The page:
The Toronto Raptors have now been to the playoffs seven times in three distinct eras; three times during the Vince Carter period, twice with Chris Bosh, and now this second go-round with the Lowry-DeRozan squad. In all those years the Raps have only ever won one Game 1. It was in their second round series against the Sixers, the first and only time the franchise has made it to the second round. That, my friends, is not the kind of tradition you want for your team.
For every Raptors post-season trip, it feels as though the team has to get reacquainted with the notion of "playoff" basketball. This season, despite their acknowledged second half struggles, the Raptors were supposed to be ready. Instead, the weaknesses of a season were compounded and exposed in their 93-83 Game 1 overtime loss to the Wizards - soft defense, a lack of rebounding, ponderous ball movement and shot selection. It could really just be nerves, but it feels like we've been here before.
"I'm very mad, I'm upset, but you know, I've got to deal with it," Kyle Lowry said after the game, a downcast look in his eye. It was easy to see the frustration in Lowry's final foul on Bradley Beal, the sadness on his face palpable as the overtime seconds ticked past with him on the bench. A look at the box score suggests that Wizards star John Wall also didn't play particularly well - his 5-for-18, 10 point, 8 assist performance isn't exactly going to set the world aflame. But Wall, along with Beal (who also struggled), were on the court to end the game, and Lowry was not. We can add his opening contest to the pantheon of flubbed Game 1s by Raptors' stars.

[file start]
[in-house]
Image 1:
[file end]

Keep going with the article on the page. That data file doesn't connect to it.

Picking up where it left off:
After the game, coach Dwane Casey rightly stumped hard for a Lowry bounce back. "He'll be OK. He had some good looks that he can make," said Casey afterwards. "Believe me, he'll be ready next time to come around to make those shots." Lowry's dogged reputation precedes him here, but "next time" is the operative phrase. It is clear the Raptors need him at his best.
Unfortunately, the player that was at his best right from the jump was Toronto's favourite villain, the nerveless Paul Pierce. Through the boos in Jurassic Park, the trash talk on social media and GM Masai Ujiri's "inappropriate" comments - his own annual tradition it seems - none of it appeared to matter to the man they call the Truth. Pierce, as is his tradition, did what he has always done and calmly set about dismantling the Raptors, almost the exact same team he faced last year. It leaves us with more questions as to what the next game will bring.
The first burning question, as Pierce shredded the team, is what will happen to James Johnson. By design, Johnson was brought in to grapple with players of Pierce's skill set - it was their weakness last year and remains as such. Casey called Johnson a "matchup" player and while he said there is a place for him in this series - encouraging! - he was cagey about what exactly that place may be.
The second question is not so much incendiary as it is simmering: Where does Jonas Valanciunas fit in here? Against Nene, it seems like the angles always disappear for the young Lithuanian. And in against Marcin Gortat, in many ways his lesser, he appeared ineffective. Obviously Jonas' lack of foot speed makes it undesirable to put him in the tornado of a pick-and-roll Wall can run. But, could his offense be the salve that cures the Raptors outside shooting woes? Or are we prepared to just, as Casey always suggests, trust the process? "Shots we have to take we're going to continue to take them because that's who we are," said Casey after the game. "We just have to make them."
Maybe that says it all about the Raptors. We know they can win, we know they want to win. But it wouldn't be a tradition if things didn't go as they'd gone before. Here's hoping for a different result come Tuesday.